The regional system has the effect of reducing the balances carried in central reserve city and reserve city banks, and of lodging them in the twelve federal reserve banks or of investing them locally. The federal reserve system does not count balances with former reserve agents as reserve; hence, what balances are so carried reduce by that amount the bank's available funds, and are a source of expense to the bank. Besides, the federal par collection system has largely eliminated the profits from exchange charges that were realized from the old collection arrangements. It is also possible to sell exchange on the federal reserve bank. The existence of a goodly quantity of commercial paper for purchase, as well as the United States Treasury certificates of indebtedness, have provided the member banks with a form of direct investment earning more than 2 per cent. The member banks can rely upon the federal reserve banks for accommodation and no longer have to maintain friendly relations with reserve correspondents for that purpose.
Unless, therefore, the old reserve agents provide additional services, the country banks are tempted to close out their balances with most of their old correspondents. The reserve city banks that have suffered most as a result of the abolition of reserve depositories have been the smaller national banks. The very large banks may have profited by it, for while many out-of-town banks which formerly had a dozen or more New York correspondents have reduced them to one or two, the balances carried with these few are larger than formerly. State bank and trust company members are also inclined to drop their former connections. To hold balances, the reserve city banks have recently been bidding higher interest rates. Most of the clearing houses fixed upon a sliding scale of rates, varying with the market rate for money, or else fixed a maximum rate, payable by any of its members.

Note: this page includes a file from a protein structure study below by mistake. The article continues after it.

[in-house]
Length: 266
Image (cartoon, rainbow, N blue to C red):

Along with this change of relations, it is noteworthy that the New York Clearing House banks give over to the federal reserve banks a goodly part of their responsibility for and guardianship of American finances. Henceforth the clearing house will do less of the extra clearing functions; when in any federal reserve district help is needed by any of the member banks, relief will now be principally obtained by rediscounting at the federal reserve bank instead of by borrowing from the New York banks. The issue of clearing house loan certificates and the importation of gold by the New York banks to this end will also cease. In case of panic the federal reserve banks, it is hoped, will support the financial world more efficiently than the cumbrous clearing house arrangements of former years.